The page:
Results of a research project that began in 2014 with field measurements of the erosion caused by ship traffic in the Venice Lagoon was finally published in October 2017.
PlosONE is an open-access peer reviewed scientific journal. The team of nine scientists was led by CNR ISMAR and involved the Environmental Sciences department of Ca’Foscari University, James Cook University (Australia), Sacred Heart University (USA) and Tallinn University of Technology (Estonia).
The inferences of the research are central to our indignation at the recent governmental decision (Comitatone on 7 November 2017) to:
- allow an unlimited number of cruise ships below 55,000t to continue passing from the Lido inlet through Venice via the Bacino di San Marco;
- build infrastructure at Marghera and carry out further dredging in the lagoon to facilitate the larger cruise ships in Venice via Malamocco and the industrial shipping channel.
Instead, WahV expects the government to support strategies, actions and plans to protect the Lagoon and the cultural, economic and social integrity of Venice, as set out in the Special Laws for Venice.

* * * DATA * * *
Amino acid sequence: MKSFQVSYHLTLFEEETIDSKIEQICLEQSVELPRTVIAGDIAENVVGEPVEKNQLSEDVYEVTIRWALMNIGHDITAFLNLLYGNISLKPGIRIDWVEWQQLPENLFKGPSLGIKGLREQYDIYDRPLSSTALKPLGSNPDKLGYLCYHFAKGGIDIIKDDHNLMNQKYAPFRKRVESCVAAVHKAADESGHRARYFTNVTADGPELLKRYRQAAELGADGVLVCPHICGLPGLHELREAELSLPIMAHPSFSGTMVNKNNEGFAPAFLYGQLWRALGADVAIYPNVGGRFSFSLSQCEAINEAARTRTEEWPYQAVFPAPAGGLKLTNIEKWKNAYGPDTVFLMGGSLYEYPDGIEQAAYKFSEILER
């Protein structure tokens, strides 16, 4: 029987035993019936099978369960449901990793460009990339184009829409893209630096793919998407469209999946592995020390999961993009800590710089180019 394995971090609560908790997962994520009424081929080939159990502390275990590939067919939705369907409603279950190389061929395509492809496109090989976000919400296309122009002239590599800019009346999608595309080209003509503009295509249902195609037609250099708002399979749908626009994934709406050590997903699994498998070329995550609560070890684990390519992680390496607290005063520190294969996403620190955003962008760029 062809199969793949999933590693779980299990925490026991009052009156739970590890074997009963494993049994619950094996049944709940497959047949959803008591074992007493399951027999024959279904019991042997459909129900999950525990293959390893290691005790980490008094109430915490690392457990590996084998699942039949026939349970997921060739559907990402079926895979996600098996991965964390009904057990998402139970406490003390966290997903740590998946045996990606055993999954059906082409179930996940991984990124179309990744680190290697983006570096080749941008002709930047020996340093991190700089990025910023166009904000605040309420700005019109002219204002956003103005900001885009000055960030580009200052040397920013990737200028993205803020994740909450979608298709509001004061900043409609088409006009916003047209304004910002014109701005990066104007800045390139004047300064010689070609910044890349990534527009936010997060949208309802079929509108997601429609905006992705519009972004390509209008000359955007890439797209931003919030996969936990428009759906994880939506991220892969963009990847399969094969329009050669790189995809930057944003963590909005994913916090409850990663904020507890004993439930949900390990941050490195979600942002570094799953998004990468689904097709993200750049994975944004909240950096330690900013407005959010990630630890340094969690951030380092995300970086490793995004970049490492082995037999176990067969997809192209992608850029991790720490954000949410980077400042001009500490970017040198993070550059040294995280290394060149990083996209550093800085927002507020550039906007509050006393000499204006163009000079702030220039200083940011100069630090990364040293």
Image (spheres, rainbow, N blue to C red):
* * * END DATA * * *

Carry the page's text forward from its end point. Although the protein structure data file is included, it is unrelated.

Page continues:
We referenced this work in our letter to the Director General of UNESCO. The letter was also copied to Francesco Bandarin who is the Assistant Director General for Culture at Unesco and and was previously Director of the Unesco World Heritage Centre. He is also from Venice and familiar with lagoon issues.
Furthermore a new POSTER CAMPAIGN was launched on 15 November throughout Venice, crystallising a central concept that is fully endorsed by the PlosONE article:
THE SURVIVAL OF VENICE IS DEPENDENT ON ITS LAGOON SYSTEM BUT THIS IS BEING SERIOUSLY ERODED BY SHIP TRAFFIC.
The aim is to:
- help the public understand why the Marghera proposal does not represent a solution to the cruise ship problem;
- remind policy makers of this fixed point in the debate about how to solve the cruise ship problem without sacrificing Venice and the lagoon;
- underscore the importance of evidence-based decision making.
The posters have also been bounced off Facebook and Instagram, thereby reaching people beyond the tourists, commuters and residents who see them in the streets. The article has received thousands of “hits”, unprecedented for scientific articles of this nature.